At the same time, Cosmetic Solutions continues to produce upscale skin care products, but Becker predicts that when coronavirus falls off the front page, there will be a surge in demand for a variety of skin hygiene products.
Meanwhile, while one personal care supplier agreed that isopropyl alcohol and carbomer supplies are extremely tight, China appears to be opening up to exports again. Unfortunately, as the virus spreads, India is closing is ports.
In a rapidly deteriorating situation, industry trade associations are doing their part to help members get through the pandemic.
For example, the American Cleaning Institute (ACI) is urging government leaders to recognize critical manufacturing, especially the cleaning product supply chain, as “Essential Infrastructure” during the coronavirus crisis.
ACI joined a coalition of more than 60 associations in calling on federal, state and local officials to “coordinate a unified, clear and public framework that clearly explains that food (for human and animal consumption), beverage and consumer packaged goods manufacturers are exempted from the gathering and curfew bans that are starting to take effect,” said the groups’ letter to President Trump and numerous other leaders.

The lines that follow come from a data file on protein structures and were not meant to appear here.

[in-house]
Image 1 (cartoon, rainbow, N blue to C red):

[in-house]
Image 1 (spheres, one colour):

“ACI has been working with our partner associations on several pathways to ensure that our industry is confirmed as being a part of the critical US infrastructure, that our facilities can continue to operate and that employees can access these facilities,” said Melissa Hockstad, president and CEO, ACI.
In a letter to the Justice Department and the Federal Trade Commission, ACI encouraged officials to continue their crackdown against price gouging and “to police those who seek to exploit access to cleaning products and their ingredients in response to the global outbreak of COVID-19.”
“ACI members are increasing production and operating around the clock to produce these preventative products to protect individuals from the spread of COVID-19 and to meet the dramatic expansion in demand,” Hockstad wrote.
“To be clear ACI does not support ‘price controls’ as they often do not take into account the changing cost of raw materials used to make the products. In addition, we also ask that you coordinate and collaborate with federal, state and industry partners to take all possible actions to address those sellers that engage in this illegal activity.”